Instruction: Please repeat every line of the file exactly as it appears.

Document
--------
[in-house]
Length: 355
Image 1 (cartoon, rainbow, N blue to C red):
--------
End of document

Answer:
[in-house]
Length: 355
Image 1 (cartoon, rainbow, N blue to C red):